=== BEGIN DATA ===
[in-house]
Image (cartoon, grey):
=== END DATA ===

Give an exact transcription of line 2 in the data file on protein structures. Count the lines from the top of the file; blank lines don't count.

Image (cartoon, grey):